I like to apply fert for the season in a ratio of 4-.5-3, as a maintentance, once sopil chemistry is correct, using a base saturation mthod

    P is very immoble, so the finer the particle size the better..... root growth starts in fall, but biggest root growth is at the end of winter.... so let's make sure you hyave an adequate supply of p...Now for k....only SOP.... much needed for stress, as with fe, now in my location, we have NO stress in winter for cool season grass, our stress is in the summer........get the soil base saturation of k in the 4-6% range, depending on your stress for cool season turfgrass

    As for columbus...oh, down with the buckeyes, old illi fan, you have both summer and winter stress, neither as severe as I have, or somebody 100 miles north of you!

    Enough from me, it's late, all ready been a long week, finishing my overseeding, spelling and typo's, you'll have to bear with me
     
  7. whoopassonthebluegrass

    whoopassonthebluegrass LawnSite Platinum Member
    Posts: 4,214

    So why do most retail fertilizers run heavy K in their "winterizers"????

    I don't have any answers for this, just questions:

    -- With K being so specific to root strength and development - and with your roots growing until the ground freezes solid (it does here, anyway)... wouldn't K be the ideal additive in the fall??

    --Also, if you dump urea and don't get rapid watering-in - 50% of it's effective N volatizes. And THEN, what if you get tons of snow... does the remaining effective N leach right past the rootzone with the snowmelt?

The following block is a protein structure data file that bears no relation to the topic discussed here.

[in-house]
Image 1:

I've been pondering these things for some time. I've even considered running straight K for my winterizer. I'm not so sure it needs the N in the fall, seeing as how I'll be out applying that first thing in the spring... That just seems redundant (even though I continue to do it)...
     
  8. Don't loss as nearly as much N at cooler temps
     
  9. whoopassonthebluegrass

    whoopassonthebluegrass LawnSite Platinum Member
    Posts: 4,214

    All the more reason, then, to question the application of N in autumn that will sit and wait till about the same time you show back up in the spring!
     
  10. Victor

    Victor LawnSite Bronze Member
    Posts: 1,430

    Since my lawns have stopped displaying any top-growth by the time I put my Winterizer apps down, my question was whether, or not P, or K would be utilized by the grass plants the way N definitely is. Remember now, I treat every customer's lawn before the color leaves.

    I should have be more clear on what I was asking. Since the root system is the only part of the grass plants that is active when I put this app down, I'm wondering how much of an effect P and K will have. Since both P and K enhance rooting in grass plants, it would only make sense that including these macro nutrients in my Winterizer apps would be highly beneficial to my customer's lawns (since rooting activity is in overdrive). The only reason why I wasn't sure these macro nutrients would be of much use going into Winter, was because I wasn't sure if they would be utilized that late in the year.